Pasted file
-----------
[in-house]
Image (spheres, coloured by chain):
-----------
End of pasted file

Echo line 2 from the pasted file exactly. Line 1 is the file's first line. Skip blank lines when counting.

Image (spheres, coloured by chain):